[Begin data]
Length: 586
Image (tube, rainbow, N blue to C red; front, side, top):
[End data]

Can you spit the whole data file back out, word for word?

Length: 586
Image (tube, rainbow, N blue to C red; front, side, top):